Following recent national protests against racial injustice and police brutality, Boston University is planning to create a Community Safety Advisory Group in an attempt to strengthen relationships between students and campus police.
President Robert Brown announced the initiative in an email to the BU community Tuesday.
The group will aim to foster a safe and welcoming environment for all on campus, the email stated, and will partner with the BU Police Department to do so. The makeup of the group has not yet been devised, but Brown wrote he would like for it to include many students along with faculty and staff.
Dean of Students Kenneth Elmore and Dean of the School of Law Angela Onwuachi-Willig will be in charge of determining who should serve on the group and what the group will do.
BU Spokesperson Colin Riley said much is unclear at this time, but he has confidence in Elmore and Onwuachi-Willig’s ability to create a strong group.
“Dean Elmore has a long history at Boston University, knows the student body and their concerns, what the role of faculty and staff are in the community,” Riley said. “And I know the dean, certainly, from the area of law will have some idea of what she is looking for, not only in composition but what their mission, their charge will be and how they function.”
Kelly Nee, chief of police and executive director of public safety at BUPD, said she hopes the department’s collaboration with the group will help promote transparency.
“I want to be able to educate our community about what we are, what we do, what my offices do, what our training looks like,” Nee said. “I want people to be assured that we’re an accredited police department. We want to practice best practices.”
Nee added that she hopes the advisory group will help BUPD make connections with the student body.
“When we’ve tried to do some outreach, we’re just not successful in bringing in interest, in bringing students to events that we might be hosting to try to provide information for them to keep themselves safe,” Nee said. “So, if this is successful with building bridges, then that’s a big plus to me as well.”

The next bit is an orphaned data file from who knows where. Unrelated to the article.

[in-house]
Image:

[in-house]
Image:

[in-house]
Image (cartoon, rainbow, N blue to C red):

Riley said the University always has and will continue to promote a diverse and inclusive campus, but he is not sure at this time how big of a role the new advisory group will play in promoting that message.
“We always want to be welcoming, inclusive and respectful and instill confidence in the fairness of how the University operates,” Riley said. “The focus, of course, is in the role of the police and how the community is best served by them.”
Nee said both she and BUPD as a whole received implicit racial bias awareness training in January and she wants her department to reflect this.
“There’s so many issues around policing right now,” Nee said, “and we were committed to the best of training that we possibly can to provide the best services.”
Nee said it’s important to ensure campus police are capable of serving a diverse community and de-escalating tense situations, as well as “making good decisions” on the job. That starts not only with training, she said, but also effort in recruiting the appropriate candidates.
More information about the Community Safety Advisory Group, including who will comprise it, should come out in August.
Rachel Kubrick, a 2020 graduate of the College of Arts and Sciences, said that while as a white woman she has never faced any form of police brutality, she is skeptical this initiative will truly meet the needs of a student body as diverse as BU.
“I appreciate the fact that they’re trying to do something,” Kubrick said. “But also I feel like it might be kind of lip service and not really listening to what at least students I know have been saying.”
Kubrick said she likes that the group will incorporate student input, but feels the University would receive more appreciation if it instead defunds BUPD or severs ties with the Boston Police Department, as many students have recently asked and petitioned for.
Ahnaf Eram, a rising junior in CAS, did a program in high school during which he worked with BPD and learned about the way it operates. He said he met many friendly officers, but there were also openly racist individuals within the force.
Eram said that although the advisory group could help, the change needs to start with the hiring process.
“It’s very superficial because if you do not change what’s in the core of BUPD, then you cannot make a change,” Eram said. “You have to assess each individual officer and check their background and see if these people are good to be police officers… if they have any racial complaints or anything like that.”
Eram added that he would like to see Student Government collaborate with BUPD to make further changes, and hopes the University installs some form of anonymous complaint platform for students to voice grievances against individual officers who they feel have committed unjust actions.